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  • Matt Johnson 19:22 on January 26, 2010 Permalink | Reply  

    Photo’s Of Final Project 

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  • Matt Johnson 12:22 on December 17, 2009 Permalink | Reply  

    Portrait Project Ideas 

    IDEAS

    I could produce a paper toy character for parents when their children go to university. The toy idea would fit in with the sentiment that most parents would have towards their children. I would use myself as an example, but the idea would be that it could be produced for any one.

    I like the general design of the Cubee (above) and may use the same basic shape, however I would want to make more of it. I would package it in a box that worked along the same principles, so, no glue or sellotape to hold it together just the tabs. The key to making it personal is in the details. Things like t-shirt designs will make it unique to one person.

    After considering these things I produced this Cubee version of myself.

    Cubee colour

    The details are the t-shirt design which people who know me will recognise and also the trainers. I’ve also tried to add character in the face with a raised eyebrow, another trait that people may recognise of me.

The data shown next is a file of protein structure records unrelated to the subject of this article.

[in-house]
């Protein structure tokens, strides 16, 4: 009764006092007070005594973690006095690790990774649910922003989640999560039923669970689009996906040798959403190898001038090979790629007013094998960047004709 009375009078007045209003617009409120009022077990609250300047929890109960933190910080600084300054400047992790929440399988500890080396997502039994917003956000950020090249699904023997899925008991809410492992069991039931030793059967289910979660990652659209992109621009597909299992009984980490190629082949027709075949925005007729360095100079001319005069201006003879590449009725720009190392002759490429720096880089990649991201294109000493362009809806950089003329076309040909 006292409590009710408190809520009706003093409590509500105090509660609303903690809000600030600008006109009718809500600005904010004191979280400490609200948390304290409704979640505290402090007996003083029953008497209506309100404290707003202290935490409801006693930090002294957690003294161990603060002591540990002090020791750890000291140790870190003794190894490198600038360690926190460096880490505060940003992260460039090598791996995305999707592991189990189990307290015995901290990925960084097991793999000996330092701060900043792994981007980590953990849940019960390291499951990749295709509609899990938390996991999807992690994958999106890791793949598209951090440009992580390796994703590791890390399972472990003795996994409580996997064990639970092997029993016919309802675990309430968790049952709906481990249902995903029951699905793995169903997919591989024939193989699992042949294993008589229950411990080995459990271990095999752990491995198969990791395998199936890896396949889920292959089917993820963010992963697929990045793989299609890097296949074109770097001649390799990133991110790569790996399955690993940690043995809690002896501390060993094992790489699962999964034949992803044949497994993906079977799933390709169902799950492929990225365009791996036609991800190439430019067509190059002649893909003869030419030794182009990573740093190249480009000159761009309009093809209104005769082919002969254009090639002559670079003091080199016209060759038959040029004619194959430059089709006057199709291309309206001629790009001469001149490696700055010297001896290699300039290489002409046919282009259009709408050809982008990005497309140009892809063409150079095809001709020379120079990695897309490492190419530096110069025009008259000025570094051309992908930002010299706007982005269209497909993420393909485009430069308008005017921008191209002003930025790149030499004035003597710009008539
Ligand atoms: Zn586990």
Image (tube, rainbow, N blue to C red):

After this I looked at packaging and as I wanted to avoid using glue I decided to use the same tab and lock system that the Cubee had. This also adds a consistency to the design. I tried a standard box net similar to the one below, but I wanted something a little bit different.

    Instead of this, I went for a two part box. I designed an outer shell that would wrap around the Cubee and lock together, and a bottom piece that folded up and around the feet of the Cubee, holding it in place and slotting into the outer shell to complete the box.

    BoxStand

    With the box graphics, I liked the idea of emphasizing the idea of it being made of paper cubes and so I used nets from the various parts of the Cubee as decoration. The colours also emphasise the fun nature, being bright and colourful and childlike. This idea I tried to carry through the typography as well, with a handwritten font that looks slightly juvenile and is consistent in the logo as well. The logo itself is supposed to reflect what the product is designed for, that’s why i chose the name ‘Miss-u’.

    I Then took the principles and designs from the Cubee and it’s box and produced a poster to advertise the product.

    Cubee poster

    These three sections together made up my final piece for this project.

     
  • Matt Johnson 12:21 on December 17, 2009 Permalink | Reply  

    Portrait Project Research 

    por-trait [pohr-treyt]

    1. A likeness of a person, especially of the face, as a painting, drawing or photograph.

    2. A verbal picture or description, usually of a person.